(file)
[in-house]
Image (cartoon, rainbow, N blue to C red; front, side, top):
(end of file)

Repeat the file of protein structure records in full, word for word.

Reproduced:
[in-house]
Image (cartoon, rainbow, N blue to C red; front, side, top):